This was my first Japanese hanabi matsuri and I was really taken by surprise by how great it was. A few weeks previous to this, Kyoto holds the “Gion matsuri”, which is the most famous festival in Japan. Throughout all of July there are different events that take place. Luckily enough I got to experience the particularly special event on July 17th where big floats sail through the closed off streets. All of the Japanese get involved and even more come to watch. It is definitely an event to add to your list of things to do here!

This year has been one of the worst for Japan regarding natural disasters. Right now the heat is skyrocketing. Reaching at least 35 degree almost everyday. However this does not seem to stop anyone from attending the matsuri.

You can find all sorts of delicious food there. Things such as: yakitori, takoyaki, cotton candy and yakisoba, ikayaki, okonomiyaki, kakigori, taiyaki and I think the most popular; ringo ame (candy apple).

Be sure to try out some of these delicacies if you ever attend a matsuri!

Bare with me, photos of fireworks never turn out the way you want.

If the festival sets off the child in you and you want to have some fun, I highly recommend buying some do it yourself fireworks.

These come in all shapes and sizes, ranging from 1,000 yen to roughly 7,000 yen ($13-$85). Believe it or not, it is actually legal in Japan! Just be careful of where you do it.

The first time I did gave me the shock of my life.

Let’s flashback to March
It was around midnight; my friend, his brother and I all rode our bikes to the river to put on a display of fireworks for the surrounding neighbourhood. We had set a few off and there were pretty cool, medium size-ish.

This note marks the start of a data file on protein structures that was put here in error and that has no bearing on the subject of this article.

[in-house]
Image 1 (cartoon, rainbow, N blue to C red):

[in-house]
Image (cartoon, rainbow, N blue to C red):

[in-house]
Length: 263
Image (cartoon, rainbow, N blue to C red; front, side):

And then we got to one specific firework that came in a little bottle container shaped box. It wasn’t working. We had held the lighter against the string that is meant to light up for about 10 minutes. We fiddled with it over and over. Continuously trying to light it. Almost 20 minutes later I was ready to give up. My friend and I had our faces stuck right into the little container to see if anything was working. A few moments later, it lit up.

I jumped as fast as I could away from the flame. It felt like a movie if you ask me, like James Bond. Luckily for me I had put my phone on record just in case anything happened. (DM me if you want to see the video)

Since then, I have used fireworks on a few other occasions. However nothing that intense has happened. It is always so much fun.

I think these firework packages range from 1,000 yen to around 7,000 yen, which in AUD is roughly $13-$80. It’s definitely something you need to try if you come to Japan and it’s super easy to find them! Check out the grocery stores or “shit stores”. It’s definitely worth it if you want to have a little excitement without forking out heaps of money. Grab a group of friends and light the sky up!